The living wage, the labor of social reproduction, and the big railroad strike of 1922
Taking a nod from critical theorist Nancy Fraser, this paper considers living wage debates in the early twentieth century United States as part of a broader boundary struggle over social reproduction—the unwaged labor going into housework, childcare, the nurturing of waged workers—necessary to capitalist production and profit.
Focusing on the railroad industry as a key site of living wage debate and the 1922 shopmen’s strike as a turning point for living wage politics, it suggests that in demanding living wages, workers advanced not only a developing living standards-based and consumer-oriented conception of wages. They also implicitly raised questions as to where the labor of social reproduction should be located, who should perform it, and how it should be funded. The living wage issue reflected railroad workers’ efforts to define their place within the nation’s emerging consumer society. It also highlighted the potential—and the limits—of the living wage as railroad workers conceived it as the basis of a broader organisational and political program for the US labor movement.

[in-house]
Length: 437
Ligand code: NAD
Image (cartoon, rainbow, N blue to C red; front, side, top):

Paul Taillon is senior lecturer in History at University of Auckland | Te Whare Wānanga o Tāmaki Makaurau. He specializies in United States history of the late ninetenth- and early twentieth centuries, focusing on workers, unions, and the state in the US railroad industry. He is author of Good, Reliable, White Men: Railroad Brotherhoods, 1877-1917 (Urbana: University of Illinois Press, 2009) and has published articles in Labor History, Social History, Journal of Social History, and Australasian Journal of American Studies. He is currently working on a study of industrial democracy, consumer politics, and the labor movement in the US railroad industry in the era of the First World War and the 1920s.
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